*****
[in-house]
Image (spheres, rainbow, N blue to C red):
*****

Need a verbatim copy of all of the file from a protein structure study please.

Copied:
[in-house]
Image (spheres, rainbow, N blue to C red):